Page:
Monies will be awarded by the Foreign and Agricultural Service to provide support internationally to feed school-aged children, reduce hunger, promote literacy (especially for girls), promote food security and enhance nutrition for mothers and their children in low-income, food-deficit countries committed to education and school meals. A grant has just become available to evaluate and reduce lead-based paint hazards in public housing. Another fantastic opportunity for humanities organizations had been announced which will enable infrastructure development and capacity building.
Foreign Agricultural Service
Grant Title: McGovern-Dole International Food For Education and Child Nutrition Program
Grant Info: https://www.grants.gov/web/grants/view-opportunity.html?oppId=300112
Details: The McGovern-Dole International Food for Education and Child Nutrition (McGovern-Dole) program supports feeding of school-aged children, reduces hunger, promotes literacy (especially for girls), promotes food security and enhances nutrition for mothers and their children in low-income, food-deficit countries committed to education and school meals. The program provides U.S. commodities and financial and technical assistance to achieve these goals. While McGovern-Dole projects are typically funded for five years, all projects in this announcement will be funded subject to availability of a fiscal year 2018 budget for McGovern-Dole.
US Department of Housing and Urban Development
Grant Title: Lead-Based Paint Capital Fund Program (LBPCF)
Grant Info: https://www.grants.gov/web/grants/view-opportunity.html?oppId=300095
Details: As authorized under the Consolidated Appropriations Act, 2017, $25,000,000 shall be available for competitive grants to public housing agencies to evaluate and reduce lead-based paint hazards in public housing by carrying out the activities of risk assessments, abatement, and interim controls (as those terms are defined in section 1004 of the Residential Lead-Based Paint Hazard Reduction Act of 1992 (42 U.S.C. 4851b))
National Endowment for the Humanities
Grant Title: Infrastructure and Capacity Building Challenge Grants
Grant Info: https://www.grants.gov/web/grants/view-opportunity.html?oppId=300114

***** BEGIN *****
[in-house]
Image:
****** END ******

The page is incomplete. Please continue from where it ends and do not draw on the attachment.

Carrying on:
Details: The mission of this Challenge Grants program is to strengthen the institutional base of the humanities by enabling infrastructure development and capacity building. Grants aim to help institutions secure long-term support for their core activities and expand efforts to preserve and create access to outstanding humanities materials. Applications are welcome from colleges and universities, museums, public libraries, research institutions, historical societies and historic sites, scholarly associations, state humanities councils, and other nonprofit humanities entities. Programs that involve collaboration among multiple institutions are eligible as well, but one institution must serve as the lead agent and formal applicant of record. Through these grants organizations can increase their humanities capacity with spend-down funds that generate expendable earnings to support and enhance ongoing program activities. Eligible activities include the documentation of cultural heritage materials that are lost or imperiled; the preservation and conservation of humanities materials; and the sustaining of digital scholarly infrastructure. Challenge grants may also provide capital directly supporting the purchase of equipment and software; the design, purchase, construction, restoration, or renovation of facilities needed for humanities activities; and collections sharing. Such direct expenditures bring long-term benefits to the institution and to the humanities more broadly. Grantee institutions may also expend up to 10 percent of total grant funds (federal funds plus matching funds) to defray costs of fundraising to meet the NEH challenge. Challenge grant funds (both federal and nonfederal together) must enhance the humanities in the long term. Challenge grant funds should not merely replace funds already being expended, but instead should reflect careful strategic planning to strengthen and enrich an institution’s humanities activities. Institutions may use challenge grant funds to meet both ongoing and one-time humanities-related costs, provided that the long-term benefit of the expenditure can be demonstrated.